The IMF made the recommendation in a Technical Assistance Report paper, released Dec. 30, 2019, and based on data from the Fund’s Monetary and Financial Statistics Mission in the country in July 2019.
IMF mission recommendations
According to the report, the IMF’s Philippines mission delivered a lecture on the treatment of crypto-assets in macroeconomic statistics at the request of the Bangko Sentral ng Pilipinas (BSP) earlier this year. Summarizing the mission’s lecture, the report notes that:
“The Philippines may become an important market for crypto-assets, as the BSP recently authorized operations for three more virtual currency exchanges (VCE), bringing the total number of approved VCE to 10.”
Given this growing number, the IMF mission encouraged the central bank to start exploring the possibility of collecting data on these crypto exchanges for its macroeconomic analysis, particularly in regard to international financial flows using crypto assets.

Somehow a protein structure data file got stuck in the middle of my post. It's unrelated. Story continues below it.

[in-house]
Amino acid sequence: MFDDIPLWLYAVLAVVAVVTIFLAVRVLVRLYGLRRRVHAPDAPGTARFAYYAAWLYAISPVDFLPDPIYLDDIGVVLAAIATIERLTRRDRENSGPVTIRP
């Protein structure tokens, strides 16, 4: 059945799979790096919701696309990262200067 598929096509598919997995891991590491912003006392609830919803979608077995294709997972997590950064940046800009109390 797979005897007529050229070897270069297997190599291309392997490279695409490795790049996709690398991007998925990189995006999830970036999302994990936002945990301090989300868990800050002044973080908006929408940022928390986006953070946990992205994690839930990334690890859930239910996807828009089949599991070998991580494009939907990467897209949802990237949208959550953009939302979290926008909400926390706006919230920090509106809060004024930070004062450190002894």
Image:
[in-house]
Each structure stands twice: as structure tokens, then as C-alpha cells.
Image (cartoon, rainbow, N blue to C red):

The mission proposed that the BSP requests aggregated data on gross transactions from the exchanges on a quarterly basis.
The data should indicate both the country of origin and destination of the funds transacted, it noted and would be most useful if it were broken down to reveal the parties involved in transactions between individuals, financial and non-financial corporations.
The BSP’s mixed signals
BSP has required domestic crypto exchanges to register as remittance and transfer companies and implement specific safeguards — covering Anti-Money Laundering, Countering the Financing of Terrorism, risk management and consumer protection — since February 2017.
In June 2019, BitMEX Ventures invested in the BSP-licensed the Philippine Digital Asset Exchange (PDAX), and in July, the BSP gave two further crypto exchanges — Virtual Currency Philippines, Inc. and ETranss — the green light to convert Philippine pesos into virtual currencies.
Notwithstanding these positive developments, the BSP’s governor has also robustly warned against the potential use of cryptocurrencies for the financing of terrorism and stressed that the central bank continues to closely monitor their use in the country. He added that “there cannot be a total disregard for a central bank or a third party that provides lender of last resort facility.”